At MSSQLTips, there are many Azure related tips. You can find an overview here. Or you can take a look at all the recorded webinars, there are plenty with "cloud" in the title.
6 – Know the shortcomings of your tools
When you have a hammer, all of your problems look like a nail. It's tempting to try to implement all your requirements with one single tool, but in reality, tools are not perfect, nor cover all possible uses cases. For example, Power BI is well suited for interactive reporting and dashboarding, but doesn't really do well when the report has to be printed on a piece of paper. In that case, Reporting Services (SSRS) will be a better choice.
A good BI practitioner knows which tool to use in which situation. If the case isn't as clear-cut, you can do a proof-of-concept to figure out the pros and cons of a tool.
7 – Keep on learning!
The world of data is continuously evolving, and so should you. The world of BI from 10 years ago - which was all about SSIS, SSAS Multidimensional, SSRS and SharePoint - is very different from the world today. We still have SSIS and SSRS, but SSAS Tabular has gained more momentum than Multidimensional and the Power BI Service has replaced SharePoint (or did Microsoft Teams do this?). And I haven't even mentioned all the Azure services yet.
During all those years, we had to learn new products, new features and new services. It can all become overwhelming, since there's so many to learn as a BI professional. There are now also "new" disciplines, such as data science, data engineering and big data. Luckily, there are a lot of good and free options out there to learn:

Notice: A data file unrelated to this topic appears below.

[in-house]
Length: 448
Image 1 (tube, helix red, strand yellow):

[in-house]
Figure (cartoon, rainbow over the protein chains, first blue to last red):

- On MSSQLTips.com you have new tips daily focusing on everything related to the Microsoft Data Platform.
- The Microsoft Data Platform community is vibrant and many people share their knowledge. Many write blogs, but there are also YouTube channels, such as PASSTV for example. There are tons of conferences, both in-person as virtual, and there are regular user group meetings.
- Microsoft offers a great deal of free training on the Microsoft Learn website.
8 – Embrace established software engineering practices
In the past years, tooling support for BI projects has improved drastically. There's no reason anymore to not use source control for your BI projects in Visual Studio or to deploy everything manually. In your projects, try to implement processes for managing integration, testing and deployments. Azure Devops is a good choice, as it supports CI/CD for the on-premises BI tools and for the Azure services.
When working in a team with multiple developers, having a good branching strategy can avoid many headaches. Accidentally overwriting each other's work is not exactly productive, and manually comparing XML-objects such as SSIS packages or SSRS reports is not easy.
You can find more info about branching and CI/CD in the following tips:
- Branching and Merging Strategy in Git for SSIS Projects
- Deploy Azure Data Factory CI/CD Changes with Azure DevOps
- Continuous database deployments with Azure DevOps
- Branching in Git with SQL Database Projects
- Branching and Merging Strategy in Git for SSIS Projects
- How to Resolve Merge Conflicts in Git for SSIS Projects
- Resolve Git Merge Conflict for SSIS Projects
9 – Don't always stay on your BI island
Working in BI and with data in general is interesting and challenging. However, expanding your skillset beyond just business intelligence tools can pay off in the long term. For example, trying to program something in C# .NET will teach you how to work with other programming paradigms instead of the ones you encounter in SQL alone. And theses programming languages can be useful when you want to create a script task in SSIS for example, or an Azure Function. Taking up Python is useful for doing some data science or data engineering work.
The point is: always be learning, and don't be afraid to try something new.
- What do you think? Should something be added to the list? Let us know in the comments!
- If you're starting with BI, check out this tutorial.
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Article Last Updated: 2021-10-18